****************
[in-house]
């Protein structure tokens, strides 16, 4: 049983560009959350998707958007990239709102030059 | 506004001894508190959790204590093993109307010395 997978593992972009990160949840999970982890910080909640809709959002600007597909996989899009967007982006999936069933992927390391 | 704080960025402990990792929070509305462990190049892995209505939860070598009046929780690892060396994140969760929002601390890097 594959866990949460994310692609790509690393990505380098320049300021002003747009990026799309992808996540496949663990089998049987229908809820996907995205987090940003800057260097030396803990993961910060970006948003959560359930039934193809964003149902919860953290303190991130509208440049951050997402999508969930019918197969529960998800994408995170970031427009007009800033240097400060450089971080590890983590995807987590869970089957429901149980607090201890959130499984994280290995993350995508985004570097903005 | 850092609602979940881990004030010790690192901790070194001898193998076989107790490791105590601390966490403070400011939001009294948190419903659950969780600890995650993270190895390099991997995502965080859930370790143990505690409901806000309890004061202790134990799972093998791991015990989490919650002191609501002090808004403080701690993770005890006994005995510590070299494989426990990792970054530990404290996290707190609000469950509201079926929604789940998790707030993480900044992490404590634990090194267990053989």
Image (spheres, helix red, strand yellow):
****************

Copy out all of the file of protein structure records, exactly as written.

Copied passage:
[in-house]
């Protein structure tokens, strides 16, 4: 049983560009959350998707958007990239709102030059 | 506004001894508190959790204590093993109307010395 997978593992972009990160949840999970982890910080909640809709959002600007597909996989899009967007982006999936069933992927390391 | 704080960025402990990792929070509305462990190049892995209505939860070598009046929780690892060396994140969760929002601390890097 594959866990949460994310692609790509690393990505380098320049300021002003747009990026799309992808996540496949663990089998049987229908809820996907995205987090940003800057260097030396803990993961910060970006948003959560359930039934193809964003149902919860953290303190991130509208440049951050997402999508969930019918197969529960998800994408995170970031427009007009800033240097400060450089971080590890983590995807987590869970089957429901149980607090201890959130499984994280290995993350995508985004570097903005 | 850092609602979940881990004030010790690192901790070194001898193998076989107790490791105590601390966490403070400011939001009294948190419903659950969780600890995650993270190895390099991997995502965080859930370790143990505690409901806000309890004061202790134990799972093998791991015990989490919650002191609501002090808004403080701690993770005890006994005995510590070299494989426990990792970054530990404290996290707190609000469950509201079926929604789940998790707030993480900044992490404590634990090194267990053989």
Image (spheres, helix red, strand yellow):